Brief intervention on Smoking, Nutrition, Alcohol and Physical (SNAP) inactivity for smoking relapse prevention after release from smoke-free prisons: a study protocol for a multicentre, investigator-blinded, randomised controlled trial
Xingzhong Jin, Stuart A Kinner, Robyn Hopkins, Emily Stockings, Ryan J Courtney, Anthony Shakeshaft, Dennis Petrie, Timothy Dobbins, Kate Dolan
BMJ Open | BMJ PUBLISHING GROUP | Published : 2018
INTRODUCTION: Smoking remains the leading risk factor for disease burden and mortality worldwide. Heavy Smoking is often associated with poor Nutrition, Alcohol abuse and Physical inactivity (known as 'SNAP'). Australia's first prison smoking ban was introduced in the Northern Territory in July 2013. However, relapse to smoking after release from prison is normative. Holistic and cost-effective interventions are needed to maintain post-release abstinence to realise the potential public health impact of smoke-free prison policies. Rigorous, large-scale trials of innovative and scalable interventions are crucial to inform tobacco control policies in correctional settings. METHODS AND ANALYSIS:..View full abstract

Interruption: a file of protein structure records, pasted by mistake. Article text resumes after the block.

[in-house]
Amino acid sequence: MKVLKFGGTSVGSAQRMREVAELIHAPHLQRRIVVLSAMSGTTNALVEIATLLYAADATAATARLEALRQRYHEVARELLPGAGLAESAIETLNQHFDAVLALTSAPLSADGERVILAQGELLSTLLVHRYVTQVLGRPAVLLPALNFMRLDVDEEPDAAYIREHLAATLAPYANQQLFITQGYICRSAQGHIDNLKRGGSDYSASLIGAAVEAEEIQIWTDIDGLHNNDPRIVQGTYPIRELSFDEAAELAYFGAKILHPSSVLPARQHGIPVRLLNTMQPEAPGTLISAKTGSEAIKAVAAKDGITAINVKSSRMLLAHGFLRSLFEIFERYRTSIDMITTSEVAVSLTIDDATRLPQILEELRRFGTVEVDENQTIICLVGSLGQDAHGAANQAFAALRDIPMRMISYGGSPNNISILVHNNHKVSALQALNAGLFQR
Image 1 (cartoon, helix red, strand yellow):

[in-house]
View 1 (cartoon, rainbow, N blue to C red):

Awarded by Australian Commonwealth Government Department of Health Tackling Indigenous Smoking Grant
The SNAP study is supported by the Australian Commonwealth Government Department of Health Tackling Indigenous Smoking Grant (TIS H151G6012). The design, management, analysis and reporting of the study are entirely independent of the funding body. The National Drug and Alcohol Research Centre at the University of New South Wales (UNSW), Australia, is supported by funding from the Australian Government under the Substance Misuse Prevention and Service Improvements Grants Fund and by infrastructure support from the UNSW, Australia.